From left: Reginald Miller, DVM; Dennis S. Charney, MD; and Gary Butts, MD, at the Honorary Deans’ Reception held during Black History Month.
During Black History Month in February, the Icahn School of Medicine at Mount Sinai honored its first black male deans, Gary C. Butts, MD, and Reginald Miller, DVM, for their significant contributions to the institution.
Dennis S. Charney, MD, Anne and Joel Ehrenkranz Dean, Icahn School of Medicine at Mount Sinai, and President for Academic Affairs, Mount Sinai Health System, spoke at the Honorary Deans’ Reception that was hosted by Mount Sinai’s Office for Diversity and Inclusion and Black Leaders Advocating for Change and Community, an employee resource group. Read more
Cheyenne Hayward, RN, left, Coronary Care Unit, The Mount Sinai Hospital, checks the blood pressure of visitor Joan Innocent.
More than 775 staff and visitors attended health fairs sponsored by Mount Sinai Heart on Friday, February 5, Go Red for Women Day®, an annual educational event that spotlights the risks of cardiovascular disease. Participants received free screenings for high blood pressure, cholesterol, weight, glucose, and peripheral vascular disease, and learned about nutrition and diet, diabetes, stress management, smoking cessation, and relaxation techniques. Other events included exercise workshops, support group meetings, and educational lectures sponsored by Women’s Heart NY, a comprehensive Mount Sinai Health System heart program.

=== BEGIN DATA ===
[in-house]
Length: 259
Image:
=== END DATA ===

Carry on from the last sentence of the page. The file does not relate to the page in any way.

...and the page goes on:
From left: David L. Reich, MD, President, The Mount Sinai Hospital and Mount Sinai Queens; Marie Winfield, newly elected CAB Vice Chair; John S. Winkleman; Gary Rosenberg, PhD; and David C. Thomas, MD.
Gary Rosenberg, PhD, the Edith J. Baerwald Professor of Preventive Medicine at the Icahn School of Medicine at Mount Sinai, received an award for 30 years of service as Chair of the Mount Sinai Community Advisory Board (CAB) when he retired from that position on Tuesday, February 23.